Dynamic Failure Modeling

The group has developed custom software accounting for multi-body finite kinematics contact, finite deformation plasticity, temperature effects, fragmentation and comminution. An example is the development of ceramic models based on grain level representative volume elements (RVE) of ceramic microstructures. The model was employed to interpret both normal impact soft-recovery and pressure-shear soft recovery experimental results. The numerical simulations were based on a 2-D stochastic finite element analysis. Normal plate impact velocity histories obtained in earlier studies were used to assess conditions under which the cohesive fracture model could capture failure mechanisms experimentally observed. The analyses showed that in order to properly model damage kinetics a stochastic distribution of grain boundary strength and detailed modeling of grain morphology are required (Zavattieri and Espinosa, Acta Mat., 2001). Moreover, it was determined that compressive wave attenuation at stress levels below the Hugoniot elastic limit, a counterintuitive finding that preoccupied the ceramic community in the early 90’s, was the result of grain boundary relaxation in shear due to the presence of a glassy phase. In these simulations, compression-shear properties independently identified for glass were employed in the cohesive law describing the grain boundary constitutive law. Overall compression wave decay and nucleation of microcracks at triple grain junctions naturally emerged from the simulations. These studies were significant because the simulations were compared to experimental data containing information on crack initiation and kinetics as observed in plate impact velocity histories and electron microscopy studies performed on recovered samples.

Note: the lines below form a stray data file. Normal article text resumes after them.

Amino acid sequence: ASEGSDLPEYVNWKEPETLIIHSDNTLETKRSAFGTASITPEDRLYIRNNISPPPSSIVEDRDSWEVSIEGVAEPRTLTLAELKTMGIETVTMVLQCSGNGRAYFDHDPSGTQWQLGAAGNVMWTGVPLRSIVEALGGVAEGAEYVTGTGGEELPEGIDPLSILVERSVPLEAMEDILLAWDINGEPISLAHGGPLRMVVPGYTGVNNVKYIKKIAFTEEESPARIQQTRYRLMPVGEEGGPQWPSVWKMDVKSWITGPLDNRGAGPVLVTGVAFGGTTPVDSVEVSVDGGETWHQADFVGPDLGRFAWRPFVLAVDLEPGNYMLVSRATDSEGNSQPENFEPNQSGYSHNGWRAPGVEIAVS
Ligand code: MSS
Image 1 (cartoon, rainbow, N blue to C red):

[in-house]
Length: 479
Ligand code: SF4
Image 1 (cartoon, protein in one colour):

Figure 1: Schematics of microcracking at grain boundaries using an irreversible interface cohesive law (left). Application to fragmentation and pulverization (right).

 

Some of the group’s early research focused on continuum/discrete models for the high-strain rate response of advanced materials (including brittle and composite materials). This included the development and implementation of models and numerical algorithms in finite deformation FEM codes using parallel programming. The models included: i) Adaptive remeshing techniques based on the optimization of element size and shape (including refinement and coarsening) with mapping of state variables within a finite deformation framework, ii) Continuum/Discrete models, based on fracture and damage models together with a multibody contact-interface methodology to capture crack initiation, growth, coalescence and interaction between fragments, and iii) the combination of both adaptive remeshing and the continuum/discrete model to capture delamination and fracture in fiber reinforced laminate composites.

Figure 2: Computational techniques for mesoscopic modeling of failure: (a) Examples of adaptive remeshing technique based on optimization of element size and shape according to local material behavior. Examples include impact problems of rod penetration, high-speed machining and ballistic penetration. (b) Continuum/discrete models for fragmentation in brittle materials, (c) Combination of (a) and (b) for delamination of glass reinforced composites under ballistic impact.

 

Personnel 

  • Horacio D. Espinosa (PI)

 

Collaborators 

  • P. Zavattieri, Purdue University, IN, USA

 

Publications 

 

 

Robert R. McCormick School of Engineering and Applied Science
McCormick Home | Northwestern Home | Northwestern Calendar | Contact | Emergency Plan | Maps
© 2009 Robert R. McCormick School of Engineering and Applied Science, Northwestern University
2145 Sheridan Rd., Evanston, IL 60208-3100 | Phone: (847) 491-5220 | Fax: (847) 491-8539
Email: webmaster@northwestern.edu | Last modified: March 18, 2014 | Legal and Policy Statements